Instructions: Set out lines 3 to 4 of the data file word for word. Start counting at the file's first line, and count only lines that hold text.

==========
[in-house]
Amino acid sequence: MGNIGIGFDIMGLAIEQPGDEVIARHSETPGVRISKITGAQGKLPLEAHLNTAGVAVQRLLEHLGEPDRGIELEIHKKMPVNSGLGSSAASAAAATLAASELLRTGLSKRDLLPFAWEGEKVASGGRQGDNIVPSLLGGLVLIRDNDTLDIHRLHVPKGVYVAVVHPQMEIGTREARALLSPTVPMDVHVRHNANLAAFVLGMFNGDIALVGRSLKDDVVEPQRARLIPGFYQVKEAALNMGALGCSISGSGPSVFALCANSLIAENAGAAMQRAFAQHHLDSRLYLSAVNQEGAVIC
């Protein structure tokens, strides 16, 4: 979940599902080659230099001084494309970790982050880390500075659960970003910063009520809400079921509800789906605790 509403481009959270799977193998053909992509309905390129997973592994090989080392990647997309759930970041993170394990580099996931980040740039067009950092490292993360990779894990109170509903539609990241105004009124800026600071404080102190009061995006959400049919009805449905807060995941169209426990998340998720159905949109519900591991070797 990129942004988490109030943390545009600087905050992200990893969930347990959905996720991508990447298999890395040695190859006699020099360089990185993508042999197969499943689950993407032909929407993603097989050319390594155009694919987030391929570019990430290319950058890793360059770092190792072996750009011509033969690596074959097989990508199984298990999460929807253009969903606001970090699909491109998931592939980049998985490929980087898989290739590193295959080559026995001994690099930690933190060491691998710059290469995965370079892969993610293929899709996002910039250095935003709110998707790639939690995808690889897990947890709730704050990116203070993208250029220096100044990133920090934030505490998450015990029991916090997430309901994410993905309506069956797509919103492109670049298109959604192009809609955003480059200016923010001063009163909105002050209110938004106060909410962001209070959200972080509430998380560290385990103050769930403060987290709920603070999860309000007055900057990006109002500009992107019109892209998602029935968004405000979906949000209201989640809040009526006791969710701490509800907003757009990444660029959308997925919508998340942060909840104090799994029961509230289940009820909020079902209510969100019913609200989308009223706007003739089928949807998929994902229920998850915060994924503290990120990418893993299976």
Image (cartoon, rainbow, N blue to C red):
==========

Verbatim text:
């Protein structure tokens, strides 16, 4: 979940599902080659230099001084494309970790982050880390500075659960970003910063009520809400079921509800789906605790 509403481009959270799977193998053909992509309905390129997973592994090989080392990647997309759930970041993170394990580099996931980040740039067009950092490292993360990779894990109170509903539609990241105004009124800026600071404080102190009061995006959400049919009805449905807060995941169209426990998340998720159905949109519900591991070797 990129942004988490109030943390545009600087905050992200990893969930347990959905996720991508990447298999890395040695190859006699020099360089990185993508042999197969499943689950993407032909929407993603097989050319390594155009694919987030391929570019990430290319950058890793360059770092190792072996750009011509033969690596074959097989990508199984298990999460929807253009969903606001970090699909491109998931592939980049998985490929980087898989290739590193295959080559026995001994690099930690933190060491691998710059290469995965370079892969993610293929899709996002910039250095935003709110998707790639939690995808690889897990947890709730704050990116203070993208250029220096100044990133920090934030505490998450015990029991916090997430309901994410993905309506069956797509919103492109670049298109959604192009809609955003480059200016923010001063009163909105002050209110938004106060909410962001209070959200972080509430998380560290385990103050769930403060987290709920603070999860309000007055900057990006109002500009992107019109892209998602029935968004405000979906949000209201989640809040009526006791969710701490509800907003757009990444660029959308997925919508998340942060909840104090799994029961509230289940009820909020079902209510969100019913609200989308009223706007003739089928949807998929994902229920998850915060994924503290990120990418893993299976």
Image (cartoon, rainbow, N blue to C red):